Saturday 7 March 2020

The Game Fights Back

‘Are you out of your mind?’

‘What do you mean?’

‘I mean – look at it. This deployment. I would never do that. I’m not sending my men to suicide.’

‘I’m the boss; you are a six-millimetre general. You will do as I say.’


‘You don’t have a lot of choice.’

‘I agree with him!’

‘Don’t you think you should keep out of this, Don Carlos?’

‘No. Have you seen the deployment you have foisted on me?’

‘Of course, I set your troops out, remember. And got you out of the box too.’

‘But look at it. My main strike force is the cavalry and you’ve deployed them at the back of the right flank, behind the infantry. And my left flank is in the air. I think you are mad.’

‘I am the wargamer, you are model generals. You will do as I say.’

‘But you are asking me to send my men up narrow lanes lined with hedges into a hail of fire. There are much better deployments than this. There is a socking great hill over there, just right for the artillery. Can’t we….?’

‘It is no good, James. He has deployed and you know he can be obstinate. I’ll tell you what, what happens in this battle does not count, OK? We’ll just go through the motions and then forget about it. Maybe he’ll learn.’

‘And maybe he won’t. He’s not given us enough room to manoeuvre, you know.’

‘Look, throughout history generals have not been given enough room to deploy just as they wanted…’

‘But here there is sufficient room. You have just ignored it, you wargamer numpty.’

‘Can we get on with the game now?’

‘We both wish to register our protests.’

‘All right, all right. Noted. Now let me start rolling the dice….’


I do not know if this has happened to anyone else. I am, of course, referring to the Battle of the Friarage, in Northallerton, part of the Armada Abbeys campaign. The Scots are advancing south to hopefully force Don Carlos’ Spanish out of the town. I set the terrain up, and thought it was very nice, and deployed the armies. Something seemed a bit wrong, but I over-rode the quibbles and set to. But that something niggled away at me, and eventually I abandoned the battle. The dialogue above suggests at least one of the problems (although I do not, in real life as opposed to the blogosphere, argue with my toy soldiers. Not yet, anyway.)

My usual approach to such quibbles is to declare what happens on the table stays on the table. That is, even if I change the wargame rules, decide that I did something wrong in the execution of the game, or that it was the wrong game, the result still stands. But there was something else here, and I am not sure what it was.

The picture shows a drone’s eye view of the field and initial deployments. The Scots are at the bottom of the picture, cavalry and gun to the left, infantry in the centre and light cavalry to the right. The Spanish are of course at the top, infantry at the front and, as Don Carlos noted, cavalry behind them on their right. The Spanish skirmishers are to the left.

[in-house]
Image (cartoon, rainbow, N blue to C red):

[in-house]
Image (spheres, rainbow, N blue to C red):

Northallerton Castle is at the top right and the road to the right of the picture loops around Mount Pleasant, a bit of a hill. The stream is fordable. The ecclesiastical edifice to the left of Northallerton is the Friarage, while the one in town is All Souls. The Scots are Baccus figures, the Spanish are Irregular, as are the trees. The castle is, I think, from the long-defunct Village Green, some of the buildings from Baccus’ long-defunct resin range, the rest from Leven.

As I said, I looked at the deployment of both sides and did not like it. But, ignoring the advice of my generals, I ploughed on. The Spanish redeployed their right-hand infantry through Northallerton to the left. The Scots advanced up the ‘tunnels’ made by the hedges. The Scottish lights made short work of the Spanish foot skirmishers but, while they kept hitting the light horse, they inflicted little damage, even refusing the charge them when they were shaken and outnumbered.

By the time contact was made I was really unhappy with the game. Neither side was particularly winning, although the Spanish cavalry was looking menacing for the Scots horse and gun. A lot would depend on who won the tempo in the next turn or two, and whether the Scottish artillery could disrupt the Spanish cavalry.

By this time I more or less gave up and admitted that I had messed up the deployment for both sides. I tried to justify myself by arguing that in real life mis-deployments were quite frequent and that soldiers just had to get on with it. But to no avail. I had lost heart. The lack of narrative for the start of the battle and the poor deployment by an addled wargamer had spoilt the whole thing. I decided I had to break my cardinal rule, and stop the battle. I debated whether to allow King James to withdraw with dignity, but he spluttered a bit into his beard while Don Carlos shrugged in that expressive way that only our Latin cousins can manage.

Back into the box went the troops. To be fair, I kept them in their deployment rather than storage boxes (I have a system where, because these troops come from ECW, Italian Wars and the Scottish ECW boxes, I assemble the armies beforehand in an otherwise empty box). I debated whether to leave the terrain set up; as I noted before, I quite liked that aspect, but common sense prevailed and it, too was cleared away. Ho-hum.

So, the game, or my lack of perceptive deployment, rather spoiled everything. Is it just me, or is this a common experience?


  1. This comment has been removed by the author.

  2. Haven't had this particular issue.
    Have however had the experience of fighting the rules - with damned 'Black Powder II' (I hate it so....)

    1. I think rules are like marmite - you either love it or hate it. Some work for some people, some for others. I gave up buying rules a while ago, however. They got too expensive.